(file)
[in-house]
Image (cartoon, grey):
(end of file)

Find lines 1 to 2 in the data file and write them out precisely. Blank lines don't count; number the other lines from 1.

[in-house]
Image (cartoon, grey):